On Thursday October 6, 2016, Gov. Snyder signed the Third Grade Reading Bill which is aimed at improving early literacy. This new legislation renews an energy and sense of urgency around literacy in Michigan.
The Reading Now Network (RNN), a collaborative partnership formed by ISD’s in West Michigan counties, has a mission to improve early literacy and student achievement. Continue reading Don’t Miss: West Michigan Early Literacy Leadership Symposium
Time is of the essence! In education, your daily schedule is filled to the brim. You’re planning your next meeting or instructional focus on the drive between sports practice, dinner, and the parent-teacher organization meeting. Sometimes, a few professional “grab and go” options would assist in focusing energy and solidifying next steps. Often times in education, we ask “What are the Essentials?” Continue reading 10 Instructional Literacy Practices for K-3
Captioning, or Closed Captioning, has a proven track record of improving literacy for learners of all ages. In one randomized study, students who engaged daily in content with “Same Language Subtitling” (SLS) scored significantly higher than students in the comparison condition on the reading comprehension achievement post tests.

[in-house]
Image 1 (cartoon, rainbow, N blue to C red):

Data from PlanetRead has shown that even 30 minutes of weekly exposure to SLS or captioning over 3-5 years enables adults and children with basic familiarity of the alphabet to become functionally literate. The science underlying SLS and captioning is strong. Continue reading Closed Captioning to Improve Literacy
There are nearly 15,000 English Learners in Kent County schools. Nationally, 1 in 4 students is an English Learner.
How are you supporting English Learners (EL) at your school in Math, Science, Social Studies, and Language Arts?
Last year participants from 20 districts came together to learn, discuss, and devise action plans to increase the achievement of their EL students. The 2016/2017 EL Coaching Network will focus on support for ELs in the K-12 content areas. EL teachers, EL staff, and content teachers are welcome to join.
Did you know that Kent ISD has other Curriculum focused networks?
Not only can your district participate in our EL Coaching Network, the Teaching and Learning department at Kent ISD has created the opportunity for all Kent County districts to network and obtain resources related to each specific content area. Continue reading Opportunity for Curriculum Networking and Resources
In 2009, Secretary of Education Arne Duncan described summer learning loss as “devastating”. Educators often refer to summer loss as “summer slide”.
It is estimated that the amount of loss a child might experience could equal one month of instruction, and the effect has a greater impact on disadvantaged children (Cooper, 1996). Researchers conclude that two-thirds of 9th grade reading achievement gaps can be explained by the accumulated summer loss they have experienced since early elementary, with nearly one-third of the gap already present when children enter Kindergarten (Alexander, Entwistle & Olsen, 2007). Continue reading Kids Who Read Beat the Summer Slide